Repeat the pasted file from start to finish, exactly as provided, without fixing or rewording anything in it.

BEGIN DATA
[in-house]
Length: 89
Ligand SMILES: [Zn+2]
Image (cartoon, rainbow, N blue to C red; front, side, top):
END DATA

[in-house]
Length: 89
Ligand SMILES: [Zn+2]
Image (cartoon, rainbow, N blue to C red; front, side, top):